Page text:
But such was God's love to justice, and hatred to sin; that he would not have his justice swallowed up with mercy, nor sin pardoned without the making of fit reparation. And therefore our Mediator must not look to
e Heb. chap. 9. ver. 24.
Rom. chap. 8. ver. 34. Heb. chap. 7. ver. 15.
Heb. chap. 4. ver. 14.
Heb. chap. 2. ver. 17.
Matt. chap. 3. ver. 17. n Zach. chap. 13. ver. 7.
h Ibid. ver. 15.
k John, chap. 11. ver. 42.
Heb. chap. 4. ver. 16.
Philipp. chap. 2. ver. 6.
procure for us a simple pardon without more ado; but must be a "propitiation" for our sins, and redeem us by fine and "ransoma:" and so not only be the master of our requests, to intreat the Lord for us; but also take upon him the part of an "advocate"" to plead full satisfaction made by himself, as our "suretys," unto all the debt wherewith we any way stood chargeable. Now the satisfaction which our surety bound himself to perform in our behalf, was a double debt: the principal and the accessory. The principal debt is obedience to God's most holy law, which man was bound to pay as a perpetual tribute to his Creator, although he had never sinned; but, being now by his own default become bankrupt, is not able to discharge in the least measure. His surety therefore being to satisfy in his stead, none will be found fit to undertake such a payment, but he who is both God and
Man it is fit he should be, because man was the party that by the articles of the first covenant was tied to this obedience; and it was requisite that, "ast by one man's disobedience many were made sinners, so by the obedience of one man likewise many should be made righteous." Again, if our Mediator were only God, he could have performed no obedience, the Godhead being free from all manner of subjection: and if he were a bare man, although he had been as perfect as Adam in his integrity, or the angels themselves; yet being left unto himself amidst all the temptations of Satan and this wicked world, he should be subject to fall, as they were: or if he should hold out, as "the" elect angels" did; that must have been ascribed to the grace and favour of another: whereas the giving of strict satisfaction to God's justice was the thing required in this behalf. But now being God as
Pixaoμòs. Rom. chap. 3. ver. 25. 1 John, chap. 2. ver. 2. and chap. 4. ver. 10. 9 λύτρον ἀντι πολλῶν. Matth. chap. 20. ver. 28. ἀντίλυτρον ὑπὲρ πάνSee Job, chap. 33. ver. 24.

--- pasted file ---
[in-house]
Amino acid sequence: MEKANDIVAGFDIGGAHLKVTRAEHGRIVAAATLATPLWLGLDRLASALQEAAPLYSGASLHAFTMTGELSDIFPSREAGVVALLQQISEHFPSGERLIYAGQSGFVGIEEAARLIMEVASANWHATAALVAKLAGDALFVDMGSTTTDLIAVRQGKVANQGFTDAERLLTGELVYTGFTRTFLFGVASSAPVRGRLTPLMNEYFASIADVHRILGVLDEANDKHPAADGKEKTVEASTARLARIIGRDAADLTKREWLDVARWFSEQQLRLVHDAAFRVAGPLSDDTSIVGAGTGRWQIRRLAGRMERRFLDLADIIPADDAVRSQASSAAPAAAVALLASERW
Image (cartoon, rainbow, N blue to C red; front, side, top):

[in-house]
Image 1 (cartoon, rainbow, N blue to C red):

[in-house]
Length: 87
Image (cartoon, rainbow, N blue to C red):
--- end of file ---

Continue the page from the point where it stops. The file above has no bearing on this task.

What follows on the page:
1 Tim. chap. 2. ver. 6.
Heb. chap. 7. ver. 22.
well as man, he by his own "eternal" Spirit" preserved himself without spot: presenting a far more satisfactory obedience unto God, than could have possibly been performed by Adam in his integrity.
For, beside the infinite difference that was betwixt both their persons, which maketh the actions of the one beyond all comparison to exceed the worth and value of the other: we know that Adam was not able to make himself holy; but what holiness he had, he received from him who created him according to his own image: so that whatsoever obedience Adam had performed, God should have eaten but of the fruit of the vineyard which himself had planted; and "of his own" would all that have been, which could be given unto him. But Christ did himself sanctify that human nature which he assumed, according to his own saying, "For their sakes I sanctified myself:" and so out of his own peculiar store did he bring forth those precious treasures of holy obedience, which for the satisfaction of our debt he was pleased to tender unto his Father. Again, if Adam had done all things which were commanded him, he must for all that have said: "I am an unprofitable servant; I have done that which was my duty to do." Whereas in the voluntary obedience, which Christ subjected himself unto, the case stood far otherwise.
True it is, that if we respect him in his human nature, "his Father is greater than he ;" and he is his Father's "servant:" yet in that he said, and most truly said: "that God was his Father," the Jews did rightly infer from thence, that he thereby "made himself equal with God;" the Lord of Hosts himself hath proclaimed him to be the man that is his fellow." Being such a man therefore, and so highly born, by the privilege of his
Heb. chap. 9. ver. 14.
1 Chron. chap. 29. ver. 14, 16.
a Luke, chap. 17. ver. 10. Esai. chap. 53. ver. 11. John, chap. 5. ver. 18.
* 1 Cor. chap. 9. ver. 7.
2 John, chap. 17. ver. 19.
Matt. chap. 12. ver. 18.
e Zach. chap. 13. ver. 7.